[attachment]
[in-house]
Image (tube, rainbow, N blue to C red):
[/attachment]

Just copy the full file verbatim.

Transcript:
[in-house]
Image (tube, rainbow, N blue to C red):